Can Septoplasty Give You a New Voice?
As a Los Angeles sinus surgeon and experienced ENT, I field a lot of questions about the various possibilities and consequences of sinus procedures. One procedure in particular that tends to attract a lot of questions is septal surgery, or septoplasty. I think the reason is that this procedure is most concerned with structures that are possibly visible to others.
I have addressed before the question of cosmetic changes following septoplasty (short answer: not unless you want them), but another question I hear fairly often concerns the voice. Specifically: can correcting a deviated septum actually change the quality or volume of your speaking voice?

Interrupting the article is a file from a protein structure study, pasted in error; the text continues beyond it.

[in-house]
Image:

Probably not. Although there is some intuitive appeal to the idea that changing the shape of a resonant structure like your nose will have far-reaching effects, the simple truth is that most of us do not pass air through the nostrils when we speak. Of course, the sound is a complex thing, and there is no question that alterations can affect a few overtones here and there. But for the most part, this safe and simple procedure only does what it’s intended to do: clear an airway to improve your breathing day and night.